The output of limit adjust 952 is also passed to the summing junctions 940 and 942. Summing junction 940 adds a limit increment to the limit shift 952 output, while summing junction 942 subtracts the limit increment from the limit shift 952 output. The limit increment is thus the step size for the adapt limit signal.

During state 6 the output of comparator 912 is asserted. This causes the output of the summing junction 942 to be passed as the adapt limit signal. Thus, during state 6 the adapt limit signal will comprise the current limit (the limit adjust 952 output) minus the limit increment. During state 7 the output of the comparator 910 is asserted. This causes the output of summing junction 940 to be passed as the adapt limit signal. Thus, during state 7 the adapt limit signal will comprise the current limit plus the limit increment.

Thus, during states 6 and 7 the limits, and hence the magnitude of the command signal, is perturbed in both directions. The resulting change is cost in received by the limit decision block 950 through switches 932 and 934, where the costs are compared during state 8. Based on the comparison, the limit decision block 950 controls limit shift 952, determining whether to keep the current limits as the adapt limit signal, or whether to increment or decrement the adapt limit signal.

Thus, during each set of states 5-8 the fuel flow magnitude determination 900 receives the cost signal and alternatively perturbs the limits, increasing and decreasing the limits, and compares the costs of the perturbed limits and the current limit. From this, the fuel flow determination 900 adjusts the adapt limit signal.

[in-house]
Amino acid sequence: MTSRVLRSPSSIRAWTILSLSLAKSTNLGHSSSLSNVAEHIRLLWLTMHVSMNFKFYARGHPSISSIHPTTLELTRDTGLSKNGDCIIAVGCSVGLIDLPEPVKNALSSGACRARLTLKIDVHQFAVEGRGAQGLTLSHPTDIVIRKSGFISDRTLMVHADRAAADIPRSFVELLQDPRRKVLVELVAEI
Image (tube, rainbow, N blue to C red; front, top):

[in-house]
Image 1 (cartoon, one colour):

Thus, the fuel flow phase determination 800 and fuel flow magnitude determination 900 each work to adaptively adjust the phase and magnitude of the modulated fuel flow in such a way as to reduce combustion instabilities in a turbine engine.

Turning briefly to FIG. 10, a timing table 1000 illustrates exemplary states and the timing of transition between states for fuel flow phase determination 800 and fuel flow magnitude determination 900. Specifically, the table includes states 1-8, with transitions between states occurring at 2 seconds, 4 seconds, 6, seconds, 6.0004 seconds, 8.0004 seconds, 10.0004 seconds, 12.0004 seconds, and 12.0008 seconds. Thus transitions between state 1 to 4 occur at two second intervals, the transition between 4 and 5 occurs after 0.0004 seconds have elapsed since the transition to 4. Then the transitions between states 5 to 8 occur at two second intervals, and the transition between 8 and 1 occurs 0.0004 seconds after the transition to 8. This timing pattern for transition between states 1-8 provides enough time to provide a fuel flow command with no time delay adjustment (state 1), a negative time delay adjustment (state 2), and positive time delay adjustment (state 3) to change the cost after sufficient information has been gathered to make an effective analysis. Note that the time in state 4 is relatively short, only enough time to process the information and make the decision. States 5-7 are the same except for the fuel flow command limits and state 8 is once again long enough to allow processing of the information collected in states 5-7 and to make the adjustment